1 Some time after this, when the king's wrath had subsided, Ahasuerus remembered Vashti, how she had behaved, and the measures taken against her.
3 and the king appoint commissioners throughout the provinces of his realm to bring all these beautiful young virgins to the citadel of Susa, to the harem under the authority of Hegai the king's eunuch, custodian of the women. Here he will give them whatever they need for enhancing their beauty,
5 Now in the citadel of Susa there lived a Jew called Mordecai son of Jair, son of Shimei, son of Kish, of the tribe of Benjamin,
6 who had been deported from Jerusalem among the captives taken away with Jeconiah king of Judah by Nebuchadnezzar king of Babylon,
7 and was now bringing up a certain Hadassah, otherwise called Esther, his uncle's daughter, who had lost both father and mother; the girl had a good figure and a beautiful face, and on the death of her parents Mordecai had adopted her as his daughter.
8 On the promulgation of the royal command and edict a great number of girls were brought to the citadel of Susa where they were entrusted to Hegai. Esther, too, was taken to the king's palace and entrusted to Hegai, the custodian of the women.
9 The girl pleased him and won his favour. Not only did he quickly provide her with all she needed for her dressing room and her meals, but he gave her seven special maids from the king's household and transferred her and her maids to the best part of the harem.
11 Mordecai walked up and down in front of the courtyard of the harem all day and every day, to learn how Esther was and how she was being treated.
12 Each girl had to appear in turn before King Ahasuerus after a delay of twelve months fixed by the regulations for the women; this preparatory period was occupied as follows: six months with oil of myrrh, and six months with spices and lotions commonly use for feminine beauty treatment.
14 She went there in the evening, and the following morning returned to another harem entrusted to the care of Shaashgaz, the king's officer, custodian of the concubines. She did not go to the king any more, unless he was particularly pleased with her and had her summoned by name.
15 But when it was the turn of Esther the daughter of Abihail, whose nephew Mordecai had adopted her as his own daughter, to go into the king's presence, she did not ask for anything beyond what had been assigned her by Hegai, the king's officer, custodian of the women. Esther won the approval of all who saw her.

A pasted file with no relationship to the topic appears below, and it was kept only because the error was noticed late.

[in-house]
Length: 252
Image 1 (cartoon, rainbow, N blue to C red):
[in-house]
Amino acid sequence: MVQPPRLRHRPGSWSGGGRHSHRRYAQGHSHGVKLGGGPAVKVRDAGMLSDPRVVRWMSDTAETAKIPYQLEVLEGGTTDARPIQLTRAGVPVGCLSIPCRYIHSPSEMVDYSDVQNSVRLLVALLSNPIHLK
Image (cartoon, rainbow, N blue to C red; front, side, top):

17 and the king liked Esther better than any of the other women; none of the other girls found so much favour and approval with him. So he set the royal diadem on her head and proclaimed her queen instead of Vashti.
20 she did not divulge her parentage or race, in obedience to the orders of Mordecai, whose instructions she continued to follow as when she had been under his care.
21 At this time Mordecai was attached to the Chancellery and two malcontents, Bigthan and Teresh, officers in the king's service as Guards of the Threshold, plotted to assassinate King Ahasuerus.
23 The matter was investigated and proved to be true. The two conspirators were sent to the gallows, and the incident was recorded in the Annals, in the royal presence.
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The New Jerusalem Bible (NJB) is a Catholic translation of the Bible published in 1985. The New Jerusalem Bible (NJB) has become the most widely used Roman Catholic Bible outside of the United States. It has the imprimatur of Cardinal George Basil Hume.
Like its predecessor, the Jerusalem Bible, the New Jerusalem Bible (NJB) version is translated "directly from the Hebrew, Greek or Aramaic." The 1973 French translation, the Bible de Jerusalem, is followed only "where the text admits to more than one interpretation." Introductions and notes, with some modifications, are taken from the Bible de Jerusalem.
Source: The Very Reverend Dom (Joseph) Henry Wansbrough, OSB, MA (Oxon), STL (Fribourg), LSS (Rome), a monk of Ampleforth Abbey and a biblical scholar. He was General Editor of the New Jerusalem Bible. "New Jerusalem Bible, Regular Edition", pg. v.